Unlike many revered audio brands, old school Brooklyn outfit Grado Labs hasn't yet stooped to deploying rappers, athletes, or style icons to market its awesome headphones and phono cartridges. But before you dismiss its first foray into the world of branded products out of hand, you should know two things. The partner is whiskey, and the headphones are pretty amazing.
Usually, if you're building your own synthesizer you have aspirations of composing the next great techno track. But this kit—available from the Maker SHED for just $20—lets you build a wonderful toy ray gun that generates electronic 'pewpew' sound effects. And instead of just cycling through various sounds like a cheap toy, you can use the gun's three adjustable knobs to tweak the 'wub', 'bwoop', and 'bip bip' sounds however you like.
Jawbone's portable Bluetooth speakers are great to use pretty much anywhere but if, like me, you're tempted to take one into the bathroom when you shower, its new water-resistant models might just be up your street.
Welcome to our coverage of all the best Black Friday deals. Deals are continuing to pour in, and this post will be constantly updated right up to the point when our Cyber Monday guide goes live. These deals are all subject to change and subject to price-matches (especially online price matches), and we can tell you that there are lots of deals still embargoed or not yet announced.
For the past few months, I’ve been testing Underwater Audio’s waterproofing service for Apple’s iPod shuffle. As the name implies, Underwater Audio is a company that created a technique to waterproof the iPod shuffle without changing the design, form-factor, size, overall weight and thinness of the wearable, lowest-cost iPod…
Underwater Audio sells both a brand-new iPod shuffle that is waterproofed and offers the ability for fourth-generation iPod shuffle owners to send in their device for waterproofing. A new, waterproofed shuffle costs $149 for 2GB in any color, while the service to convert an existing iPod shuffle costs $120. A pre-waterproofed Shuffle takes a couple of days to ship, while the process of converting an existing unit takes 3-4 weeks.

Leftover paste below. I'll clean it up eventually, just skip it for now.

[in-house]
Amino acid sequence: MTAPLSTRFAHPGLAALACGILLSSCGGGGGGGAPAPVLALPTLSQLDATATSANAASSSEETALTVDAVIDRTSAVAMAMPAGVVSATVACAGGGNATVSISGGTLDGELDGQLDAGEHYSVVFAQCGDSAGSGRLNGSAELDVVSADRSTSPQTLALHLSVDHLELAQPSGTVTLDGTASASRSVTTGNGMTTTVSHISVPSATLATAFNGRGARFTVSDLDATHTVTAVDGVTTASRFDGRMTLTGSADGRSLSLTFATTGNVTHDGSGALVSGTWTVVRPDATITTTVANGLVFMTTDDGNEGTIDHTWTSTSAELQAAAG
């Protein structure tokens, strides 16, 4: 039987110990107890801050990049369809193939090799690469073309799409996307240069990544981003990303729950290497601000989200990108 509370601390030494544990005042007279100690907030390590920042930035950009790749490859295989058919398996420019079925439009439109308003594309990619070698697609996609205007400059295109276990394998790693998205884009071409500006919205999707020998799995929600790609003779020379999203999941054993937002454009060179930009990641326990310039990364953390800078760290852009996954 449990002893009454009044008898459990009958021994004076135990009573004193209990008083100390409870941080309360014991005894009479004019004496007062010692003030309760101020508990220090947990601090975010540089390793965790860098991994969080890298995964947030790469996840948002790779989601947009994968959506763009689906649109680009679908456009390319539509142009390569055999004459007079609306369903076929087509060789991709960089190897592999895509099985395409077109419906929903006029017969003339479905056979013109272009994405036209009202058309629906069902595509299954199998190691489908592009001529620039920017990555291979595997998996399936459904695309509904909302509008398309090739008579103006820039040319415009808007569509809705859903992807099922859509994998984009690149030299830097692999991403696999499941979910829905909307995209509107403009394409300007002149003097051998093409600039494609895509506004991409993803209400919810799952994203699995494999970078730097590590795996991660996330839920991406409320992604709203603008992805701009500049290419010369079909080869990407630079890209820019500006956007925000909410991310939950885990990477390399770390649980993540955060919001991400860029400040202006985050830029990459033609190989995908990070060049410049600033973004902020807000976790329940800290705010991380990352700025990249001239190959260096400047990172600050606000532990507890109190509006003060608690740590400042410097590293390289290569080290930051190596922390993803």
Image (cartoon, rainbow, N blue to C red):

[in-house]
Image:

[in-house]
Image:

To waterproof the iPod Shuffle, the company uses proprietary materials and stuffs it inside parts of the iPod so that water cannot seep through into the internal electronic elements. Before shipping out the waterproofed iPods, Underwater Audio does extensive testing to ensure that the device cannot be damaged by water. In my unscientific tests, the iPod shuffle faired well, did not stop working, and audio quality did not degrade over time.
Unlike some other services, this service is true waterproofing, not a service for the iPod to become “water-resistant.” The iPod shuffle following conversion can be submerged into water, swam with, surfed with, and more. Everything about the iPod shuffle worked for me just like a non-converted iPod shuffle would. However, the materials needed waterproof the iPod do create one downside: the controls of the iPod shuffle become difficult to press. They feel like they are stuck into the iPod, but they still work. It can get annoying at times, but users will likely get used to it after a few days or weeks of use.
The earphones that come with the standard iPod shuffle work with the waterproofed Shuffle, but those earbuds are obviously not designed to be submerged into water. To solve that part of the issue, Underwater Audio sells waterproof Swimbuds either alone or in a bundle with a waterproofed Shuffle.